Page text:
An evaluation of the vitamin D3 content in fish: Is the vitamin D content adequate to satisfy the dietary requirement for vitamin D?
Vitamin D, Skin, and Bone Research Laboratory, Departments of Medicine and Physiology and Biophysics, 715 Albany Street, Boston University Medical Center, Boston, MA 02118, USA.The Journal of Steroid Biochemistry and Molecular Biology (Impact Factor: 3.63). 04/2007; 103(3-5):642-4. DOI: 10.1016/j.jsbmb.2006.12.010
It has been suggested that the major source of vitamin D should come from dietary sources and not sun exposure. However, the major fortified dietary source of vitamin D is milk which often does not contain at least 80% of what is stated on the label. Fish has been touted as an excellent source of vitamin D especially oily fish including salmon and mackerel. Little is known about the effect of various cooking conditions on the vitamin D content in fish. We initiated a study and evaluated the vitamin D content in several species of fish and also evaluated the effect of baking and frying on the vitamin D content. Surprisingly, farmed salmon had approximately 25% of the vitamin D content as wild salmon had. The vitamin D content in fish varied widely even within species. These data suggest that the tables that list the vitamin D content are out-of-date and need to be re-evaluated.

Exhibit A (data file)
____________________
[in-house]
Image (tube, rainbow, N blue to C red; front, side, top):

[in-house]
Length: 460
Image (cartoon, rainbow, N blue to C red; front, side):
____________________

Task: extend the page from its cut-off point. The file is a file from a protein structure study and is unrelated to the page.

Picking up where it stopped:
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- "Cooking oils are not fortified in the USA and Canada (Calvo et al., 2004). However frying consumables in vitamin D fortified fats may result in loss of about 50% of vitamin D (Lu et al., 2007) so cooking with very little oil is advisable, i.e., baking or broiling (oil-free) instead of frying (shallow or deep). However, overconsumption of these products may exacerbate other health issues related to metabolic syndrome. "
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- "This wide vitamin A to vitamin D ratio range is the reason why fish liver oils often need further processing . In fresh fish products we observe a huge variation in the vitamin D 3 content per 100 g wet weight (Egaas and Lambertsen, 1979; Takeuchi et al., 1984, 1986; Kobayashi et al., 1995; Mattila et al., 1995a, 1997; Ostermeyer and Schmidt, 2006; Lu et al., 2007; Byrdwell et al., 2013) (Table 1). Large variations in vitamin D 3 content were found within the same species, but also between the different fish species. "
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- "The vitamin D fraction was chromatographed on a straight phase high performance liquid chromatography (HPLC). Collected fractions were chromatographed on a reverse phase HPLC to quantify the vitamin D2 and vitamin D3 content based on the UV absorption according to the study performed by Lu et al. (2007). "
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